Every Object Tells a Story
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From the publisher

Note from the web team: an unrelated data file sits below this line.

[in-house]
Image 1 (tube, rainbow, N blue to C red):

What is assembled here might look like a modern 'Cabinet of Curiosities', an assemblage of the exotic and curious from the four quarters of the world. There is an intention behind it, however, that goes beyond presenting a wide variety of curiosities. We are today linked up to all those four quarters, and while a huge amount of information is available to us, unlike to those who awaited the ships in the ports of Amsterdam, Genoa, Lisbon, London, Marseille, Seville or Venice, the horizon of what interests us seems to have shrunk. The art market is an interesting barometer of this shrinkage. The point is, therefore, that we can connect with the whole world on a much more profound level than can be gained from package touring, through the possession of, and study of even the most modest objects of different cultures. The purpose of collecting, as Moliere might have put it, should not be limited to becoming rich through the investment in one's purchases, but to become enriched through the possession of what one has acquired.Highlights include: the silver libation cup of Mo ngke Khan, grandson of Genghis and ruler of an empire that stretched from modern Bucharest to Peking, and Karachi to Novgorod; the apple from the Garden of Eden - a silver pomander belonging to the Stuart Kings, with bite marks, opening to reveal a silver skull; a Scythian (6-7th centuries BC) jade pendant of the endangered Saiga antelope, as nely carved as anything by Faberge; a bronze Bacchus head from a tripod table belonging to the Emperor Augustus; a limestone bear carved in 3rd millenium BC Bactria.